I read that the Gawker account, UnderTheRadar, was removed by YouTube because they were posting, among other things, clips of shows including the Colbert Report, Good Morning America, etc. Lockhart Steele, whose name makes me think of some black and white detective show, says they aren’t going to change their policies. What really stunned me was his assertion that the ads Gawker had placed in the copyrighted-by-others clips were not really ads.
Steele doesn’t agree with the assertion that the three-second promotions for some of Gawker’s blogs that appeared before and sometimes after a clip, known as “bumpers,” can be considered an advertisement.
That cracked me up. Since when was a pre-roll ad NOT an ad? I think he was trying to claim they were not profiting from someone else’s work, but let’s be honest, even if there were no ads placed in the clips, they were embedding the copyrighted work in their blogs and profiting therein.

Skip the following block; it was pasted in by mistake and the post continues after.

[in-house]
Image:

Now, I am one of those people who thinks less than 30 seconds should be allowed, but since the legal system doesn’t agree with me, I don’t upload copyrighted material to YouTube without permission. I know that eventually the networks will realize that these short clips are helpful to their shows, but until they do we have to work within the constraints of the system. Or, at the very least, not add our own advertising when we take and exploit the works of others without their permission.